Endless Ocean Luminous

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Endless Ocean Luminous (Nintendo Switch) – Review

As an avid Sir David Attenborough fan, I love learning about the ocean’s strangest creatures and terrifying depths. Endless Ocean Luminous, a diving adventure sim by Arika and published by Nintendo exclusively for the Switch, seeks to explore the deep. Players can step into a diver’s flippers to explore further down than most of us would ever dare to go. I’m still determining whether the exploration is immersive enough to feel like I’m discovering beautiful ocean creatures from the comfort of my own home.

The Endless Ocean series has had a long hiatus between titles, with Endless Ocean 2: Adventures of the Deep being the last title, released on the Nintendo Wii in 2009. Endless Ocean Luminous continues exploring a new region, The Veiled Sea, where our diver is tasked with documenting the residing creatures. There’s much more to be discovered, from the dying World Coral, which needs to be restored to save the region’s waters, to mysterious ruins within the depths of the sea.

The story is relatively straightforward and has a decent premise, especially since restoring reefs is a real issue now more than ever. However, the gameplay doesn’t do the issue justice. The primary goal is to swim through the ocean at various depths, scanning lifeforms and finding the occasional shipwreck, ruins, or relics during your travels. Beyond that, there isn’t much more to it.

There’s a massive amount of sea life to find, including the usual favourites, the lesser-known well below sea level, prehistoric beasts, and mythical beings. My favourite element of the gameplay was the search. I came across some incredibly bizarre critters. I thought my favourite silly fish, the Sunfish, was up there with the weirdest, but there were many stranger things the further down I went. The gameplay, however, is just that, find fish, scan fish – rinse and repeat. I would have liked that little interactivity beyond swimming alongside them; I would love to have a school of fish scatter as I swam close or if getting close to a shark felt scarier.

There are multiple gameplay modes, including solo dive, where I spent most of my time meeting progression requirements, a story mode, and “shared dives,” a multiplayer mode. All these goals are the same: scan creatures and collect treasures. Only in shared dives, it’s with up to 30 people, and you can tag creatures and items with emotes to point them out to other players.

Story progression is very slow to unlock; essentially, once a certain number of fish are scanned, the next level unlocks, but when you’re finding 500+ fish to unlock the next part of the story, it’s a slog. All my research efforts felt unsatisfying when each new level unlock was barely a few minutes of gameplay and, in some cases, a very short cutscene with no gameplay.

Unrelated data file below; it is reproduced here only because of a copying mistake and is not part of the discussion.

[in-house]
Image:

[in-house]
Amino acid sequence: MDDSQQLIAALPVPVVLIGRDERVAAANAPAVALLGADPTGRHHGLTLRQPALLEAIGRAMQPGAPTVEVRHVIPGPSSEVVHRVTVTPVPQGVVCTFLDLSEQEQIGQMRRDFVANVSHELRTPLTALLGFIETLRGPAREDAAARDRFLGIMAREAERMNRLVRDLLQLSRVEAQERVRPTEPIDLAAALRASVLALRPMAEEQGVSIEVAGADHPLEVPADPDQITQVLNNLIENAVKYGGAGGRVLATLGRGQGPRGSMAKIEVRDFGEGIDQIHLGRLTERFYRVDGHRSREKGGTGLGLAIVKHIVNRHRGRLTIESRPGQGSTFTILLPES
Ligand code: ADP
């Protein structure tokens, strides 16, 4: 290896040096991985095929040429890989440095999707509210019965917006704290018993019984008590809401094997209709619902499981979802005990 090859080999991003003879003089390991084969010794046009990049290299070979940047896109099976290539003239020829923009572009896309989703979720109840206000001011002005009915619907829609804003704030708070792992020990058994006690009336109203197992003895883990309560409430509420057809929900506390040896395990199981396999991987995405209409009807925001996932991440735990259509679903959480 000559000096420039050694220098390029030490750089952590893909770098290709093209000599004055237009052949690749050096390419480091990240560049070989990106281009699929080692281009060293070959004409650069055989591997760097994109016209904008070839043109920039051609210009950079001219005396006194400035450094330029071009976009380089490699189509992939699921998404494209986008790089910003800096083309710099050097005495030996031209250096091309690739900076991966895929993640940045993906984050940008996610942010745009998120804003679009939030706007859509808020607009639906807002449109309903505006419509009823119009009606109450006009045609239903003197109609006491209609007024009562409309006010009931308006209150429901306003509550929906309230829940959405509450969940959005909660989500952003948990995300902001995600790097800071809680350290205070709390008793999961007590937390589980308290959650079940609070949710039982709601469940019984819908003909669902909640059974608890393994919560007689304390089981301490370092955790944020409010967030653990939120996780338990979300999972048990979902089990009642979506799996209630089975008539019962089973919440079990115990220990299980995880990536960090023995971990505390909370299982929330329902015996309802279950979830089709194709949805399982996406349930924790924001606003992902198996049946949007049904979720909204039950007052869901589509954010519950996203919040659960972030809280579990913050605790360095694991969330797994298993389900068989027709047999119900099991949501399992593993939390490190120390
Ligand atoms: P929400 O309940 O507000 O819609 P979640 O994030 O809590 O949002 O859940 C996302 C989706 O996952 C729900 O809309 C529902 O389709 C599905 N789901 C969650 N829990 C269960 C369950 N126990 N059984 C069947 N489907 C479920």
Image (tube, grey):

Visually, Endless Ocean Luminous feels outdated, almost on par with its Wii predecessor. There was minimal light variation, and the scenery felt washed out. Environments are empty, with sporadic rock formations, seaweed, coral, and too much sand; in some areas, it just felt like water with nothing else inhabiting it. My favourite visual element is seeing the sealife. I appreciate the team’s effort in researching creatures and recapturing their likenesses for the game.

The diver has a limited amount of detail to them; they just serve as a body to move around in. I don’t feel the sense of wonder exploring beautiful, vibrant reefs and grim grottos I have in games like Abzû by Giant Squid in 2017.

The most beautiful part of the game is the soundtrack, which makes the experience much more serene. When I enjoyed the game, I had the music turned up during a dive. The ambient score was stunning and made the journey relaxing. The AI, Sera and the divers aren’t quite as calming to listen to; luckily, the volume sliders helped to take care of the sound of the divers speaking through bubbles and the monotone AI. Out in the field, though, the sound of whales calling out and fish of all sizes swimming made the experience more engaging, but not enough to compensate for the dull gameplay loop.

Both docked and handheld, the graphics don’t look current, and the textures could be more varied; they don’t translate well to either screen and feel way too lifeless. I preferred to play it handheld; it was less noticeable on a smaller screen. Overall, the game ran fine on both, with no notable frame drops, just the occasional loading screen that went for slightly too long.

Controls are standard, with a button to swim faster and a simple hold of the L Button; thankfully, multiple fish can be scanned simultaneously to speed up the ranking. The story mode acts like a tutorial for the first few chapters. It’s not difficult to play at all, so it takes no time to master the simplistic gameplay.

Overall, Endless Ocean Luminous wasn’t as deep as I would have liked it to be; it felt much shallower and devoid of life than I anticipated. As a fan of exploration-type “cosy” titles, I sunk a decent amount of time into the game. However, with such a niche gameplay style, only some may discover this release. Though like its predecessors, Endless Ocean Luminous may be found to be a cult classic in time.

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The Good

  • Exploration can be interesting
  • Serene soundtrack

The Bad

  • Overly simplistic gameplay
  • Outdated visuals
  • Slow, uneventful story progression

Written by: Yasmin Noble


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